Gear and kit

How to buy a crash helmet

Buying the right helmet is one of the most important things you’ll do

Getting your helmet right isn’t simply a matter of choosing the right colour. It’s in your best interests to make sure that first off the helmet fits perfectly, then has the features you need and finally is priced right for your budget.

Helmet types

This time round we’re going to concentrate on full face helmets. We’ll leave off-road/adventure lids for another day and focus on helmets for sports and touring, as there are similarities between them are relevant to most types of helmet you’ll be looking at.

Touring helmets tend to be weightier than the more nimble race and sport-focussed lids. This is to accommodate more padding and extra channels for ventilation, making the overall size and profile of the helmet bigger and therefore heavier. They are designed to be worn for long periods of time with maximum comfort.

Sports helmets forego some of the creature comforts in favour of performance – fewer vents and holes means less friction in the air and a smoother ride at high speeds. But they can also get hotter inside. They are generally much lighter at the higher end of the scale.

There are some models that cross over and offer compromises between comfort and performance – just tell the store assistant what you value most and leave it to them to suggest the right models.


Budget vs brands

Do you get what you pay for with helmets? You can get a quality branded helmet – from AGV for example – that will offer the benefits of coming from the same stable as £800 helmets that were designed for use in MotoGP for just £150.

Often some brands you’ve never heard of will command the same prices as Shoei and Arai, with good reason.

And as you’ll see in a minute, you can get super-safe helmets for a fraction of the cost of a race-rep lid designed for Rossi, Marquez et al.

Generally speaking, the name brands can be trusted to be made using quality materials to a very high safety standard. It boils down to which designs you prefer and which manufacturer’s shapes fit your head best.

You can check safety ratings easily

If you are looking at a brand that’s new to you, its safety standard can be checked at, the UK Government’s helmet standards testing agency.

You’ll find there are some surprising results. Shoei’s GT Air, a £470 helmet only has a three-star rating, yet £70-£80 Lazer lids get a five-star rating…

Fit first, then style

We love a golden rule here at Biker and Bike and the ‘GR’ of lids is to make sure it fits first, make sure it looks great second.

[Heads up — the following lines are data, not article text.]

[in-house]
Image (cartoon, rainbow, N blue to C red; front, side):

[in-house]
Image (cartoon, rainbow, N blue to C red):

For years I had a lovely Shoei XR, but every time I went above 85 mph – on Autobahns and tracks, your Honour – I could barely see anything for vibration and tears welling up from the airflow into the helmet.

Then I bought a helmet that fitted and now I don’t have the same problem until around 140 mph… I have lost count of the number of times I’ve mentioned this to mates and they go off and get fitted for a new helmet and it’s like their world has changed.

Remember, with time, the lining of your lid is compressed meaning the helmet becomes looser. It’s natural and it’s gonna happen but it effectively means your helmet becomes roughly a size bigger.

If your linings are removable then it’s simply a question of a bit of a service – so obviously the first piece of advice we have is to only buy a crash helmet that has removable (not just washable) lining.


How to measure for the right size helmet

First, measure your head with a tape measure. You need to place the tape around the centre of your forehead and the roundest part of the back of your head.

Once you have the measurement use the table below to see how that corresponds to helmet sizes.

Crash helmet sizes
Crash helmet sizes


Trying the helmet on

The helmet should feel comfortably snug, not overly tight. Although the lining will give a little in a few weeks’ wear, if you have bought a helmet that’s too tight it will become uncomfortable on longer journeys.

There is an exception to this rule. Some track day riders, who are only wearing the lid for 20 minutes at a time, slip down a helmet size. A tighter helmet will move around less and have less vibration at the extremely high speeds on the track.

Crash helmet fitting

Do up the chin strap, leaving enough room to get two fingers parallel to the chin between the strap and your skin.

Ideally, see if you can wear the helmet for at least 10 minutes in the store – don’t worry about the time you take, the assistants know what it takes to get the right helmet.